Let’s face it. Sometimes being an “enabler,” is admirable. However, if you’ve seen an episode of Intervention lately, being an enabler is not always a good thing. VMware’s IaaS strategy was to enable its partners to offer vCloud services and give it’s customers near unlimited (>9,500 partners) choice of cloud providers. There was a big issue with this strategy – it assumed that VMware’s cloud partners would be A-OK with allowing customers to come and go. At the end of the day, that didn’t meet VMware’s provider partners business model. No one wants to race to the bottom of a commodity market and providers rightfully should be concerned with their ability to differentiate with competitors and show value while sharing a common VMware stack.

Today’s news shouldn’t come as too much of a surprise. Nearly two years ago I blogged that this day would eventually come. The market would force VMware to be a provider, and it has.

Forget about the talk of “open.” At the end of the day, every vendor and provider is in the business of doing whatever possible to lock customers in and make it tough for them to leave. Providers have always wanted high degrees of extensibility so that they can add value to a cloud offering and in the end offer enough customized services to make it tough for customers to leave.

If we look at today’s IaaS announcement, VMware is trying to have greater control of the “choice” it’s customers get. Choice will mean a VMware-hosted offering that in theory will make it easy for customers to move VMware-based workloads in and out of the pubic cloud. The aim is an “inside-out” approach where workloads between a private data center and a public cloud operate seamlessly. The trick here, however, is how important mobility and choice will be to customers. Workloads that go straight to cloud and have few traditional enterprise management needs can go to any cloud. Front end web servers are a great example – static data, built to horizontally scale, and no backup requirements.

VMware’s challenge going forward will be to differentiate. If VMware is the “enterprise alternative” to Amazon, it better launch it’s IaaS solution with enterprise features (AWS isn’t perfect but it has tons of features that large enterprises are now taking for granted). Redundant data centers, enterprise storage, networking, backup, and security are a must. In addition, it must offer serious tools for developers; the time for VMware to show the results of its investment in Puppet Labs should be when the public IaaS offering launches. Otherwise, Amazon and other providers will continue to win on features and the ease of experience that developers have on its platform. Granted, this can’t all happen overnight, but VMware needs to show value quickly in order to gain momentum.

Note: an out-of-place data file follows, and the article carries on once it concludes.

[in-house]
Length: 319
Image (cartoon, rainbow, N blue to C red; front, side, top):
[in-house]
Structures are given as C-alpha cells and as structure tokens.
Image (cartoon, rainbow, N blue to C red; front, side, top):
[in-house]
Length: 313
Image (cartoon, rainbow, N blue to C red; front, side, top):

VMware also needs to make customers understand that the VM is the easy part. Management has always been the challenge in hybrid cloud models – most organizations running hybrid clouds have at least two management silos – one for public cloud assets and one for private cloud assets. Failing workloads over to different infrastructure and different hypervisors isn’t a challenge because of converting a VM. The challenge exists because the operational software stack deployed to the VM (e.g., backup, security, performance management) may have hooks into a particular hypervisor’s APIs. So moving a workload often can entail considerable QA work to ensure that the production workload runs and is managed properly in the new environment. This is an opportunity where VMware can leverage its management assets both inside the data center and in the public cloud to allow customers to redeploy workloads and not have to worry about the infrastructure or management stack. That can significantly reduce complexity and opex overhead for organizations looking to operate seamlessly across both public and private clouds.

That said, another bottleneck to VM mobility in the cloud is software licensing. VMware can’t control the licenses of the software that runs in its VMs, but VMware must make it easier for customers to license VMware management software in a hybrid cloud environment and allow licenses to move with VMs between cloud environments.

Finally, let’s not forget that VMware isn’t blazing new ground by being a provider and enabler. Microsoft is taking the same approach with Azure. In the end, there should be enough room for partner’s to differentiate by industry vertical or geography, for example.

In the end, becoming a cloud IaaS provider is a move that VMware had to make. VMware was losing cloud mindshare to its competitors and its only choice to keep up with their rapid innovation pace was to be a provider itself. Entering the market late as an IaaS provider places VMware in the unenviable place of playing catch-up. VMware’s strength is its enterprise data center dominance and it’s ability to make a compelling case to its clients for hybrid cloud will undoubtedly determine its success. Telling that story is about way more than the technology. Businesses don’t care about technology details – they want agility and value. VMware must carefully craft a message that speaks to the business needs while convincing customers that a proprietary VMware stack is in their best interest. Many clients I speak with are trying to be more standardized and service provider-like in how they deliver services. This translates to fewer vendors in the data center which leads to lower opex costs and often an easier ability to automate IT processes. There is certainly an opportunity, but VMware success is far from guaranteed.

What do you think about the news today? Is it too little too late or will you give the VMware IaaS offering a serious look?

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